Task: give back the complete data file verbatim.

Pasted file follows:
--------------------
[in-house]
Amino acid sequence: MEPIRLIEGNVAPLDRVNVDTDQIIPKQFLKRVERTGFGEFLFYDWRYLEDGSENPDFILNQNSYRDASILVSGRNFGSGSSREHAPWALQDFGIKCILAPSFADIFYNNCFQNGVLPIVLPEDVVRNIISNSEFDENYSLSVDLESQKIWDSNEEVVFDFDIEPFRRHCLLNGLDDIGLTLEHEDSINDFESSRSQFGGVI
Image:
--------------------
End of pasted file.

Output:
[in-house]
Amino acid sequence: MEPIRLIEGNVAPLDRVNVDTDQIIPKQFLKRVERTGFGEFLFYDWRYLEDGSENPDFILNQNSYRDASILVSGRNFGSGSSREHAPWALQDFGIKCILAPSFADIFYNNCFQNGVLPIVLPEDVVRNIISNSEFDENYSLSVDLESQKIWDSNEEVVFDFDIEPFRRHCLLNGLDDIGLTLEHEDSINDFESSRSQFGGVI
Image: